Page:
Lake Travers DeGeer Moraines
On a 2011 September trip to Lake Travers in Algonquin Park (See Exploring Lake Travers in Algonquin Park), one of our objectives was to locate, identify, and photograph the DeGeer Moraines that lie adjacent to the eastern shore of the lake.
DeGeer moraines are formed under water at the face of a retreating glacier. The small parallel moraines result from the seasonal oscillation in the position of the ice face. That is, the ice face moves forward in the winter, creating the rocky ridge, and retreats in the summer. Since the glacier is overall retreating, in general the summer retreats are larger than the winter advances. A good description of the formation of these moraines can be found here: Canadian Landform Inventory Project: Main/DeGeer Moraines.
In the case of Lake Travers, the DeGeer moraines formed as the melt water ponded against the glacier face as the glacier retreated north. The melt water drained southward towards Grand Lake until the glacier retreated sufficiently to open up a lower drainage path to the north and subsequently down the lower Petawawa River. When the drainage to the north opened, the resultant flow washed away a channel through the moraines, this channel corresponding to modern Lake Travers (1).
While we knew where the moraines were located (2), our primary difficulty was that we didn't really know what it was we were looking for. We envisioned an open jackpine forest, perhaps with a ground cover of sweet fern on sand, with gentle, low amplitude, parallel undulations that would be a challenge to photograph. We were wrong on all counts except the last.
Our starting point was the most northerly campsite on the eastern shore of Lake Travers (just south of the big island). This location is at the northern extent of the Lake-Travers-De-Geer-Moraines nature reserve. By bushwhacking south from this location, we would pass down the center of the nature reserve and presumably encounter the moraines perpendicularly. Since it was close to noon, we navigated by simply walking towards the sun, with a compass and gps for backup.
We encountered and noticed our "first" moraine about 90m into the bush, but we didn't immediately recognize it as such. After another several tens of meters more we encountered our next moraine and realized that it was these long ridges of boulders, hiding in the forest debris and moss, that we were looking for. They resembled large, rough stone fences extending east-west through the bush. We encountered five of these before turning back, partly because of the hard going — we came up against a mass of blow downs — and partly because we had found what were looking for.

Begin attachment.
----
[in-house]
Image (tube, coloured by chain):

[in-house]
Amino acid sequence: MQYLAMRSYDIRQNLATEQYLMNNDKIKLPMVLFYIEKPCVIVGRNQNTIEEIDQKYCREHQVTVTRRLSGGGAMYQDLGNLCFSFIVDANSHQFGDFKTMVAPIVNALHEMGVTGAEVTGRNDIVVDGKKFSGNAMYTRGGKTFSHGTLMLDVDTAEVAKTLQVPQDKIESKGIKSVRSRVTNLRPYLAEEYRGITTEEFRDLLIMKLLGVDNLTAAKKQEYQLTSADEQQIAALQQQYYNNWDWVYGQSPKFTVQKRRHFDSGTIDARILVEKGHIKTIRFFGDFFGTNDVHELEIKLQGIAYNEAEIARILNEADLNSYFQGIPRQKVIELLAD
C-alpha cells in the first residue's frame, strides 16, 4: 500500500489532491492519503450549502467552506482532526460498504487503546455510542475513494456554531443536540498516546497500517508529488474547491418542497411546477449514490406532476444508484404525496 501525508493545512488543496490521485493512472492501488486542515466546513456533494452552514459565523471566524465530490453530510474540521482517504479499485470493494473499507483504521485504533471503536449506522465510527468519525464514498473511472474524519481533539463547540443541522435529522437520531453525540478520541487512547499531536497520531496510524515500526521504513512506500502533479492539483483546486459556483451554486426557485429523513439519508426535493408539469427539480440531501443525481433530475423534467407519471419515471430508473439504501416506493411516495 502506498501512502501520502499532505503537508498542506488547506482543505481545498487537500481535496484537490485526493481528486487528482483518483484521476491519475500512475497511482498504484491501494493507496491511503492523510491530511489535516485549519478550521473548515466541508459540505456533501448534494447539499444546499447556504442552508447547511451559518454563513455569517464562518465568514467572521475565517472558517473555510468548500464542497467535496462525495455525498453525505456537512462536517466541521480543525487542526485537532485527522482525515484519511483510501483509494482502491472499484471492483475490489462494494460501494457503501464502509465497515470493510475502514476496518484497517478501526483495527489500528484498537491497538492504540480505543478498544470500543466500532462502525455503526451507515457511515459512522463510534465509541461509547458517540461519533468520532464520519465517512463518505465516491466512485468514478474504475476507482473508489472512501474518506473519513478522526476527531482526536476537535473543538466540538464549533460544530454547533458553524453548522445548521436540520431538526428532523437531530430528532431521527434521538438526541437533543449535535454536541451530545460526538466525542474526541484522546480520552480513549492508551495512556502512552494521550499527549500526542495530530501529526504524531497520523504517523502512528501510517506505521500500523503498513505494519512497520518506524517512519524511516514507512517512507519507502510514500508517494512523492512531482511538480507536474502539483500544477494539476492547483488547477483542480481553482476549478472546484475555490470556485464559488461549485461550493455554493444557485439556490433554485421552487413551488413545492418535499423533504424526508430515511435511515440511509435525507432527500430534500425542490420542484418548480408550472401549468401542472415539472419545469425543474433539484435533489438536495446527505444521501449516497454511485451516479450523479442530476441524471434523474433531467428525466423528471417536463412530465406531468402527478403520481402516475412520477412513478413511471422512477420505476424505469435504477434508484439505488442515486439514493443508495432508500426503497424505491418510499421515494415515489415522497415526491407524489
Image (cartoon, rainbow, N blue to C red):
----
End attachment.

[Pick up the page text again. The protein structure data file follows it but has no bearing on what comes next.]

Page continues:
The moraines that we encountered in the bush are shown in the photos below. The numbers in the photo captions are for location identification. The photo locations are shown on the satellite view at the bottom of this page.
After we realized that the campsite was on a moraine, it also dawned on us that the numerous rocky fingers extending into the lake along the eastern shore were also moraines. However, by then the wind had risen to a level that made it impractical to photograph and map those moraines before heading back to our campsite on the other side of the lake. We were able to photograph them and record their locations on our way out the next day. However, even then the wind was brisk, and it made getting good photographs a challenge.
In spite of the apparent similarity of many of the following photos, they are all of distinct rocky points along the eastern shore of Lake Travers. Each photo was taken at the end of an apparent moraine along the shore so as to determine and record the location of that moraine.
The paragraph on the formation of the Lake Travers DeGeer moraines is speculative on our part; more authoritative sources should be sought.
The DeGeer Moraines of Lake Travers are protected as a named nature reserve. However, while the various nature reserves in Algonquin Park are indicated on the "Canoe Routes Map", they are not explicitly named and adjacent reserves are not separated. They are, however shown separately and named on Jeffrey McMurtie's Algonquin Park Exploration Map. Another good map showing the various nature reserves is the one included with 1998 Algonquin Park Master Plan.
The locations were determined as follows: We geotag all of our photos (although the copies of the photos included on this page have had their geotagging removed for convenience in processing). The geotagging is accomplished by marrying the gps track with the capture time of the photograph as recorded in its exif data. The two cameras that we used were synchronized with gps time within 30 seconds. The software used for marrying the exif data with the gps data (downloaded and saved as a gpx file by OziExplorer) was Photo Mechanic by Camera Bits. To plot the data for the selected photos, the lat / lon pair of each photo was output as a waypoint in a gpx file generated by customizing the text export function in Photo Mechanic. (While this file validates as a gpx file, it is pretty rudimentary.) This file was then used as input to OziExplorer. OziExplorer could then be used to view the photo locations, or to output the data as a slightly more sophisticated gpx file or as a kml file suitable for viewing in Google Earth.
It should be noted that Bob carried the gps. Consequently, for photos taken by Diana, the location data would be off when Bob and Diana were separated. This was not an issue for photos taken along the shoreline from the canoe but was an issue for photos taken while we were bushwhacking. Further the gps was having some difficulties in maintaining satellite reception in the bush. Consequently, the inland photo locations are less reliable than those along the shore.
The "minor moraines" are from the OGS dataset (see bibliography) as displayed on Google Earth.